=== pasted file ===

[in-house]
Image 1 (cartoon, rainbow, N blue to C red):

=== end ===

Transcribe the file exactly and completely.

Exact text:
[in-house]
Image 1 (cartoon, rainbow, N blue to C red):